Editor's Note: The following article originally appeared on The College of Arts and Sciences' website in 2007 and, in truncated form, in Connections magazine (Spring 2008). It is reprinted here, with updated format editions, in memory of theologian Gabriel Vahanian, who passed away on Aug. 30 at his home in Strasbourg, France. He was 85.
Vahanian's death has also inspired many remembrances, including those by Michael S. Kogan '63, G'77, professor of religious studies at Montclair State University, and James B. Wiggins, the Eliphalet Remington Professor of Religion Emeritus at SU.
Last October, following a ceremony in his honor, renowned theologian Gabriel Vahanian caught up with Dean Cathryn Newton outside the Hall of Languages and made a startling confession. “Each of us is entitled to make one big mistake in our lives,” he told her, pipe swinging from the corner of his mouth. “Mine was leaving Syracuse University.”
If Vahanian, 81, was joking, one cannot help but wonder how much. After a distinguished 26-year career at SU that included founding the graduate studies program in religion in 1967 and directing it until 1975, Vahanian opted to return to his native Strasbourg in 1984 to teach and write. His latest book, "Praise of the Secular" (University of Virginia Press), continues the work he began at SU nearly 50 years ago on the “death of God” movement. “I worry about the future of Christianity because what I see around me isn’t very encouraging,” he later confides. “What we need is an institution that witnesses to Christianity without developing into some kind of political party. How you do this, I don’t know. It hasn’t been devised yet.”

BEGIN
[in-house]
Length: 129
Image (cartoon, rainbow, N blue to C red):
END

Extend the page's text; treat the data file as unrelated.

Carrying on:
Vahanian still maintains ties with the University. Last fall’s historic ceremony—attended by four SU religion chairs, spanning three decades—was perhaps the first time that both his genius as a thinker and abilities as a teacher were formally recognized. “Professor Vahanian’s vision centered on a critical and theoretical approach, as opposed to a theological and dogmatic one, to the study of religions and their cultural symbol systems,” Tazim Kassam, associate professor and chair of religion at SU, told the overflowing crowd. “He also established a tradition of radical theology in the department that became a signature of the program.”
In a poignant student-becomes-teacher moment, Michael S. Kogan ’63, G’77, chair of philosophy and religion at Montclair State University in New Jersey, made the final payment, in public, to a graduate support fund he endowed more than a decade ago in honor of Vahanian, his mentor. “I came to Syracuse either by accident or by the hand of God,” Kogan recalls privately, in a wry turn of phrase. “Vahanian not only introduced me to epic thinkers, but also to myself. Studying with him was, without question, the greatest thing that ever happened to me.” Kogan had been considering a career in law.
Vahanian’s fame and Kogan’s philanthropy have paid handsome dividends for SU graduate students seeking help with educationally related expenses. Jill Adams, a doctoral candidate, frequently relies on the fund to travel to academic conferences. “Support for our research and for presenting our work allows us to develop as scholars, teachers, and public speakers among our peers,” she says. “It shows a profound commitment to the development of the discipline.” David L. Miller, SU’s Watson-Ledden Professor of Religion Emeritus, agrees. “If you ask our graduate students from over the years, many will tell you they were accepted to Harvard, Princeton, and Yale, but chose to come to Syracuse. Michael Kogan’s generosity has not only helped our graduate program, but also helped put Syracuse University on the map.”
Kassam says that two measures of the graduate program’s success are the 80 or so applications it receives each year for a mere seven openings and the fact that more than two-thirds of recent graduates hold college or university teaching positions. “The department has gained a national and international reputation for the quality of its program and faculty. We’ve flourished in productivity and influence,” she explains. Kassam attributes much of the success to the mutual aspirations that grow from the relationships between students and teachers, á la Kogan and Vahanian. “Syracuse University is training its students to have a deeper appreciation for what it means to be human,” declares Kogan. “The humanities—religion, philosophy, languages, literature, and the arts—don’t just prepare us for making a living; they prepare us for making a life."